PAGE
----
Wherever you choose to place a bench like this, it’s bound to make a splash. Jim Jenkins of CMJ Systems and JPJ Tech Inc. in McMinnville, Oregon, is widely known for his faux rock creations, but his friendship with a marine biologist has cast his net wider.
Jenkins offered a rock bench as a gesture of friendship, but the biologist wouldn’t accept it without his wife’s approval. Turns out, the wife desired a bench in the shape of a whale’s tail. “I’d never heard of a bench made to look like a whale’s tail,” Jenkins says. “I googled photos of whale’s tails and saw a photo that was bench-like in its orientation and replicated it.” So far, he has sold 24 through word of mouth alone and is now developing a business plan to provide the benches to art galleries and the retail market of seaside communities along the West Coast.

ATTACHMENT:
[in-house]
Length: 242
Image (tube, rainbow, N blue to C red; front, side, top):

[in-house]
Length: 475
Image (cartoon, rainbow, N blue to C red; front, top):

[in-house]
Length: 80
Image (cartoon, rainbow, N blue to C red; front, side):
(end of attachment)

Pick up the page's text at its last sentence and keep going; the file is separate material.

Jenkins has fine-tuned the creation process. Making one now takes only a fraction of the time it took to make the first six hand-formed benches. Originally, he sculpted the whale’s tail with the help of a cardboard-concocted template. “I covered the cardboard form with the hand-sculpted application of a thin fiber-reinforced cementitious composite,” he says. Once the mud dried, Jenkins grinded and polished the bench, which took more than four days. Now that Jenkins has fabricated a mold, he can cast, stain and seal a completed casting in eight hours, tops.
The whale’s tail success has given Jenkins the idea of making other animal figurines and sculptures. To go along with one of his recently purchased benches he has been commissioned to create a water feature in the shape of a whale’s fin. “I have not had so much fun with a piece in a long, long time,” Jenkins says.